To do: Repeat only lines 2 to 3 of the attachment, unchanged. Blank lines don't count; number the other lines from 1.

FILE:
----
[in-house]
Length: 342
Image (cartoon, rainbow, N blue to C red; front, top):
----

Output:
Length: 342
Image (cartoon, rainbow, N blue to C red; front, top):